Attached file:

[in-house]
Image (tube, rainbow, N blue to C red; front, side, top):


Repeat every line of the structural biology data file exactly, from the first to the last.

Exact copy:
[in-house]
Image (tube, rainbow, N blue to C red; front, side, top):